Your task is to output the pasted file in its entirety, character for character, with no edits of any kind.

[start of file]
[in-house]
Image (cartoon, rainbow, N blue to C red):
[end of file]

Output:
[in-house]
Image (cartoon, rainbow, N blue to C red):